Banks identify possible replacements for U.S. Libor
By Richard Leong
NEW YORK (Reuters) - A group of global banks and clearing houses, working with U.S. regulators, said on Friday it has identified two possible replacements for Libor, the benchmark interest rate for $160 trillion worth of credit for everything from home mortgages to corporate loans.
The Alternative Reference Rates Committee (ARRC) said that together with the Federal Reserve it has identified the Fed's Overnight Bank Funding Rate (OBFR) and the overnight rate on U.S. Treasury securities pledged as collateral in repurchase, or repo, transactions as alternatives.
The London Interbank Offered Rate has been in regulators' cross hairs since its credibility was tarnished by a rate-rigging scandal emerging from the 2008 financial crisis. About a dozen global banks collectively have paid tens of billions of dollars in fines to settle the matter.
"The case for moving ahead to a new benchmark is very strong. The new benchmark is going be robust with a lot of transactions and will be resistant to manipulation," Fed Governor Jerome Powell told Reuters.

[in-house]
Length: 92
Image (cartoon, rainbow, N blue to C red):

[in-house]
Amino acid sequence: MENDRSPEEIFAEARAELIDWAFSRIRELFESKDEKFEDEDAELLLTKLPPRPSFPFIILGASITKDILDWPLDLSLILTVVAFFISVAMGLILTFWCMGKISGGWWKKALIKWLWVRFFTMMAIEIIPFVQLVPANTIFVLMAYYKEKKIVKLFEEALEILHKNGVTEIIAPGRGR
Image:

ARRC said the two rates it identified as replacements represent "robust" markets, each with $300 billion worth of daily trades. Bankers and regulators have raised alarms about diminishing daily liquidity in the markets for unsecured loans like Libor, calling into question their reliability as a gauge for U.S. borrowing costs.
The stakes are large: Libor's benchmark 3-month rate stands as a reference rate for pricing $160 trillion of loans in the United States and, together with companion rates in Europe and Asia, has some $350 trillion of global credit tied to it.
"Having a viable rate alternative is important to financial stability especially if Libor activity were to cease at some point," Sandie O'Connor, the committee's chair and chief regulatory affairs officer at JPMorgan Chase (JPM.N) said on a call with reporters.
The group proposed a framework to phase in the new reference rates to minimize disruptions to financial markets. The plan would allow Libor-linked transactions to exist while the new benchmarks gain acceptance by dealers and investors.